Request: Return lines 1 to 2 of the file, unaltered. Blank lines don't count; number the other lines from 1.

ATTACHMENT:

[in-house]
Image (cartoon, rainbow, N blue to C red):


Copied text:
[in-house]
Image (cartoon, rainbow, N blue to C red):